I have a love/hate relationship with vacation. About a week before I go, I enjoy a dreamy anticipation of leisure, not cooking or cleaning, and a relaxing change of pace from my regular life. A few days before we leave, I begin making lists, what feels like hundreds of lists, so I won't forget anything. Then there is the race to keep up with the laundry, and finally packing suitcases, bins and food for the trip.
While I'm packing, I become grouchy about how much work it takes to get a family of four into the van and on the road. I'm usually cleaning my house at the same time so I don't come home to a mess, and the combination of packing and cleaning is enough to make me reconsider my vacation in the first place.
I also notice how comfortable my bed is before going away, and how good my coffee tastes because I make it exactly how I like it for myself, and for some reason I start to feel anxious about leaving. I think I have to fight against this, or I'll become a lonely old woman who never goes anywhere or does anything because it's easier just to stay in my house.
Once we are on the road, I will begin to unwind, and everything will be good again. I could just do without these two days right before I leave. I don't like any state of limbo, and preparing to go away is the worst kind of waiting time. I'm anxious to just get going, while still feeling the appealing draw of my own home and surroundings.
We all need change or we become bored and settled. Mixing it up is good for me, even if I don't always realize it. I feel off-kilter without my laptop, as I'm still waiting to hear if anything can be recovered on my crashed hard drive. For seven years I've been doing a monthly newsletter for my rubbber stamping home business on the first of the month, and I can't for July because my contact lists have been erased at worst, and are unavailable to me at best.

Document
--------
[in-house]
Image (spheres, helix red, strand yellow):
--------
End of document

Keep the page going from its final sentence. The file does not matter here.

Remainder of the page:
It's all part of life. Holding loosely to things I depend on is hard work. It's worth the effort because it will keep me more aware of the things that really matter in my life, and let go of the rest, but it's a draining process. I have much to learn and a long way to grow in the area of letting go, and not being controlled by outside influences. I think we all do.
Tomorrow we are driving nine hours to Jason's family's cabin. We didn't think the cabin was going to fit into our summer plans this year, but over the winter the kids began talking about fishing, canoe rides and smores at the cabin, and we looked at each other, went back to our joint calendars, and found a way to squeeze in this trip. We all love it there; wide-open days to fill with books, walks, naps, junk food and swimming in the icy cold lake on a hot day.
We just need to get there first. I'm surprised by this realization of the yin/yang process in order to go on vacation. I think it has always been there, but I didn't identify it before. We've gone to BC so many times, it should be old hat by now, and to some degree it is, but the accompanying emotions are always there. It's always worth it to go. It helps to recognize the ups and downs and understand that they go with the territory of going away from my comfort zone for a week.
I'll do my best to piggyback wireless internet from the neighbours while I'm away, but since we don't have cell coverage or our own internet connection at the cabin, I may not be able to do blog posts from Thursday to Tuesday. In a way it's refreshing to unplug for a few short days and not be wirelessly connected to the rest of the world. It's sort of a forced electronic break. But on the other hand, I jump out of bed each morning looking forward to writing these posts, and I love hearing from all of you about where my writing intersects with your life and experiences. Thank you for reading, and for sharing your lives with me.